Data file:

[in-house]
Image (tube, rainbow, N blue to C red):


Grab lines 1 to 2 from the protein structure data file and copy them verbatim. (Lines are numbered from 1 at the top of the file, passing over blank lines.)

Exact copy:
[in-house]
Image (tube, rainbow, N blue to C red):